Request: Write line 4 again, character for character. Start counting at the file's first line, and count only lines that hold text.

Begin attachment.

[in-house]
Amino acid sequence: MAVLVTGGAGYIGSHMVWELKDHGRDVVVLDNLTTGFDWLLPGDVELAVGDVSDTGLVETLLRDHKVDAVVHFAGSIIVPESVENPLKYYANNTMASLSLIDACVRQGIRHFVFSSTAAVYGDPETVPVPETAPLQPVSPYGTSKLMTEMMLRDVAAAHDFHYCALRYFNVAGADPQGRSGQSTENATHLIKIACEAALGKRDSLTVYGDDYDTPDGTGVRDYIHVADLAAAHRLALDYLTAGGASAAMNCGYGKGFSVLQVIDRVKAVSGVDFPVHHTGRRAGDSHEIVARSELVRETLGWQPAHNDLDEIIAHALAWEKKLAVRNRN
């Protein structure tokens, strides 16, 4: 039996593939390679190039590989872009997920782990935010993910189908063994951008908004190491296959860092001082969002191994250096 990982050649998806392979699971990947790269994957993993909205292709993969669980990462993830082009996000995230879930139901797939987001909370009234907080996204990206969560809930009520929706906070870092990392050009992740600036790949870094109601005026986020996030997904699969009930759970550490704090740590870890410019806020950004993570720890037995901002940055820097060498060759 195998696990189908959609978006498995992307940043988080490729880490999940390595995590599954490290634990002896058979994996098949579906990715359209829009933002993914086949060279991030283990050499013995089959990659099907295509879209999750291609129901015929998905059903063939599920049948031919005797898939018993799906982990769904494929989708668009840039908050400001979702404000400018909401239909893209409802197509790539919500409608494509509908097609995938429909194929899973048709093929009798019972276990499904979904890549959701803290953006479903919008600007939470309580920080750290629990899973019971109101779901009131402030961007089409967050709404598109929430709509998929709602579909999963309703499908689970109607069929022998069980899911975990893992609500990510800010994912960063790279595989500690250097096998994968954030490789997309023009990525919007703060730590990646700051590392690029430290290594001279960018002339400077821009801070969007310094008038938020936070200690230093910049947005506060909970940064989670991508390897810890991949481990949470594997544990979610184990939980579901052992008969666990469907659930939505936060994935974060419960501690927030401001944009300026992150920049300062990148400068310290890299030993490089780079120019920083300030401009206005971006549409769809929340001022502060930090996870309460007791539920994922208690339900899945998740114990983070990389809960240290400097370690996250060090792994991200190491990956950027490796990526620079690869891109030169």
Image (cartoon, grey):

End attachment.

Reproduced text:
Image (cartoon, grey):